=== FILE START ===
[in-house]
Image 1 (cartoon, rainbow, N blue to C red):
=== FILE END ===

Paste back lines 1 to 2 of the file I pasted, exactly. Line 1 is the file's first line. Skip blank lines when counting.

[in-house]
Image 1 (cartoon, rainbow, N blue to C red):